It happened around 9:15 a.m. in the 1000 block of East Tri Oaks Lane near the Katy Freeway feeder road.
Officers were responding to a call about an assault in progress when they saw a woman arrive and knock on the apartment door, according to Houston assistant police chief Yasar Bashir. She was shot point-blank when the door opened before the gunman began firing at police, Bashir said.
Officers returned fire, striking the man multiple times before he retreated inside the apartment where he remained for some time before voluntarily giving up.
He was taken into custody and transported to Ben Taub Hospital where he was stable.
The woman died at the scene.
SWAT officers found the body of another shooting victim during a sweep of the apartment, according to Bashir.
The victim inside the home, described as a woman in her 30s, was the accused shooter's live-in girlfriend, Bashir said. The woman who was shot outside, believed to be in her 60s, was the woman's mother, Bashir said.
It wasn't immediately clear when the woman found inside the apartment was shot.
No officers were hurt during the incident, but their police cruiser was damaged by the gunfire.
Initial reports that the incident was a home invasion call were inaccurate, police said.
CLOSE CALL: Our responding HPD officer’s patrol vehicle with bullet strikes from a suspect who opened fire on the officer outside the apartment on East Tri Oaks Lane, near Wilcrest and 1-10. #hounews https://t.co/cphrdgHnBQ pic.twitter.com/RPf03pBVJJ— Houston Police (@houstonpolice) June 20, 2021
Isabel Martinez with the Houston Area Women's Center said since the pandemic hit in March of 2020, the organization has seen a continuous increase in domestic violence cases and victims who say they feel "stuck." Those victims say they find it difficult to reach out for help when their alleged abuser lives with them.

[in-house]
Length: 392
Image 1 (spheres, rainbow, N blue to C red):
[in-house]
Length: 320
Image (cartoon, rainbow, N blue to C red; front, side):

"I would like to tell people who are in these situations that they are not alone," Martinez said. "There are resources available. There are people out there who will believe them. If they are wanting to see how they can get to a safe place, we can definitely help brainstorm with them. What does that look like? What are some plans we can do? We talk about that on our hotline, the different types of safety, financial safety, emotional safety, physical safety more than anything."
Maisha Colter, the CEO of AVDA (Aid to Victims of Domestic Abuse) said that while they have seen the increased number of cases plateau in recent months, the organization saw an increased need for therapy services in children who have survived domestic violence.
"The most important thing is we want people to survive, and so what we want is for them to reach out," Colter said. "Domestic violence thrives in secrecy, in fear and shame. Please don't be ashamed. Obviously, be cautious and fear is OK, but just know that accessing resources is probably the best thing they can do to keep them safe and keep their loved ones safe as well."
For more information on how you can receive help from the Women's Center call 713-528-2121 if you are experiencing domestic violence or call 713-528-7273 if you are experiencing sexual assault.
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